Melody Branson

37 Flips | 11 Magazines | 12 Likes | 10 Following | 49 Followers | @melodybranson3 | Keep up with Melody Branson on Flipboard, a place to see the stories, photos, and updates that matter to you. Flipboard creates a personalized magazine full of everything, from world news to life’s great moments. Download Flipboard for free and search for “Melody Branson”

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The universe is a complicated place. Why not utilize every kind of horoscope possible to help untangle the web of mystery that surrounds us?<p>Whether …

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Annie Dillard on the Art of the Essay and the Different Responsibilities of Narrative Nonfiction, Poetry, and Short Stories

<i>“Only a person who is congenitally self-centered has the effrontery and the stamina to write essays,”</i> E.B. White remarked in his reflection on the art of the essay. And yet there must be a reason why the essay is what we turn to when we set out to assess human potential, as in college applications, …

Viktor Frankl on the Art of Presence, the Soul-Stretching Capacity of Suffering, and How to Persevere in Troubled Times

The life-story of Austrian psychiatrist and Holocaust survivor <b>Viktor Frankl</b>, born on March 26, 1905, is one of history’s greatest testaments to the tenacity of the human spirit. In his remarkable 1946 psychological memoir <b>Man’s Search for Meaning</b> (<i>public library</i>), previously discussed at length …

Isaac Asimov on the Thrill of Lifelong Learning, Science vs. Religion, and the Role of Science Fiction in Advancing Society

Isaac Asimov was an extraordinary mind and spirit — the author of more than 400 science and science fiction books and a tireless advocate of space exploration, he also took great joy in the humanities (and once annotated Lord Byron’s epic poem “Don Juan”), championed humanism over religion, and …

The Science of How Memory Works

<i>“Whatever becomes of [old memories], in the long intervals of consciousness?”</i> Henry James wistfully pondered upon turning fifty. <i>“They are like the lines of a letter written in sympathetic ink; hold the letter to the fire for a while and the grateful warmth brings out the invisible words.”</i> James was …

The Science of Smell: How the Most Direct of Our Senses Works

<i>“Get a life in which you notice the smell of salt water pushing itself on a breeze over the dunes,”</i> Anna Quindlen advised in her indispensable <i>Short Guide to a Happy Life</i>. Susan Sontag listed “linen” and “the smell of newly mown grass” among her favorite things. <i>“A man may have lived all of his life</i> …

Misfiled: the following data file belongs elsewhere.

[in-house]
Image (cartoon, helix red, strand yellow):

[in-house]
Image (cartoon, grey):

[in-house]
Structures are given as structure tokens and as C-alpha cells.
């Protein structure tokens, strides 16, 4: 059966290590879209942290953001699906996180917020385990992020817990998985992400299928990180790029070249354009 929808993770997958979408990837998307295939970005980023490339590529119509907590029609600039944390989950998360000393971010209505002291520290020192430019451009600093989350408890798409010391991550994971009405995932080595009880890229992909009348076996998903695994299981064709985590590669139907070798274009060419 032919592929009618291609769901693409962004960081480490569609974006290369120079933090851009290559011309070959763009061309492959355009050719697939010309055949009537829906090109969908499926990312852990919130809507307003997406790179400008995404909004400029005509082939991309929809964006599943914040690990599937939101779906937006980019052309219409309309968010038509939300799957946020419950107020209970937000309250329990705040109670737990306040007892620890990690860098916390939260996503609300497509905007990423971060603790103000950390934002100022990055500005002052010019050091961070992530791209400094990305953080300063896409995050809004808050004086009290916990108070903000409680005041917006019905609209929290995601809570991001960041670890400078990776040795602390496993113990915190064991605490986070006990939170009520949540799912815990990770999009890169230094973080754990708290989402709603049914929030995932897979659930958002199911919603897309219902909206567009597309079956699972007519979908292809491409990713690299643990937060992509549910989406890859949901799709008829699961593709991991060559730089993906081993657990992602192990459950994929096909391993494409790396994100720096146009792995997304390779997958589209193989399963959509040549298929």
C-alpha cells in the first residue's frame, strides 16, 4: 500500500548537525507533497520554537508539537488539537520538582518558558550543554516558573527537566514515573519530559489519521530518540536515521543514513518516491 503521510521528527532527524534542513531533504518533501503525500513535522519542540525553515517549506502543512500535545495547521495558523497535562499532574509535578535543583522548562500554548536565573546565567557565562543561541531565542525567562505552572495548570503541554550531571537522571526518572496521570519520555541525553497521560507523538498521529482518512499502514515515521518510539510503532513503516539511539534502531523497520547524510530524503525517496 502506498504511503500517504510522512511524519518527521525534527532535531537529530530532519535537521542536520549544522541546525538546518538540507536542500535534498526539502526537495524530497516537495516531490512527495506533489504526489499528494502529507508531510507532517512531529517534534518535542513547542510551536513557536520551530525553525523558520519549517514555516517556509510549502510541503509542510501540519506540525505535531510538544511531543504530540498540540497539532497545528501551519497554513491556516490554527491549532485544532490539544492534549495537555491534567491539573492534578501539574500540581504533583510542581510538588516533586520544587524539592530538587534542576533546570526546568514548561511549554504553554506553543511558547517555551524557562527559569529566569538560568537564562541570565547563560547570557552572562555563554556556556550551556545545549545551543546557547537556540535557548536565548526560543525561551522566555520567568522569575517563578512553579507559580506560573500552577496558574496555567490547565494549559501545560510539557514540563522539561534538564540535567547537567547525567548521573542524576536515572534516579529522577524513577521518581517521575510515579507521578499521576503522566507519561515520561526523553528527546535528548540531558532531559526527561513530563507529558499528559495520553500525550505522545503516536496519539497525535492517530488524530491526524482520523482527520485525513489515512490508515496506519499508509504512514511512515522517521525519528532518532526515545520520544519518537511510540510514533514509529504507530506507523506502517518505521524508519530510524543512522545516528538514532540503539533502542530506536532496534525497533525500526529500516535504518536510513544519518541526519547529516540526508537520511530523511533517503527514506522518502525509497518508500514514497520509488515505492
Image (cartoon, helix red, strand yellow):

Mary Oliver on the Mystery of the Human Psyche, the Secret of Great Poetry, and How Rhythm Makes Us Come Alive

<i>“Poetry makes possible the deepest kind of personal possession of the world,”</i> James Dickey wrote. <i>“The way to develop good taste in literature,”</i> Joseph Brodsky advised, <i>“is to read poetry.”</i> Wordsworth believed the poetic form to be <i>“the breath and finer spirit of all knowledge.”</i> For Edward Hirsch, it …

The Art of Practical Wisdom

<i>“It’s insulting to imply that only a system of rewards and punishments can keep you a decent human being,”</i> Isaac Asimov told Bill Moyers in their magnificent 1988 conversation on science and religion. And yet ours is a culture that frequently turns to rigid external rules — be they of religion or …

Why There Was No First Human

We live in a culture where 40% of people don’t believe the world is more than 6,000 years old. And yet how can an intelligent being hold such beliefs when faced with a 13,000-year-old eucalyptus tree or an 80,000-year-old aspen? But even when we embrace science completely, one of the most baffling …

I Can Fly: A Heartening Vintage Gem by Ruth Krauss, with Illustrations by Celebrated Disney Artist Mary Blair

<b>Ruth Krauss</b> (July 25, 1901–July 10, 1993) is one of the most inspired and imaginative children’s storytellers of the twentieth century. Under the great Ursula Nordstrom‘s wing — who had a special gift for nurturing young talent — Krauss went on to write nearly fifty books, including two tender …

Antoine de Saint-Exupéry on How a Simple Human Smile Saved His Life

Though researchers since Darwin may have spent considerable effort on the science of smiles, at the heart of that simple human expression remains a metaphysical art — one captured nowhere more beautifully and grippingly than in a short account by <b>Antoine de Saint-Exupéry</b> (June 29, 1900–July 31, …

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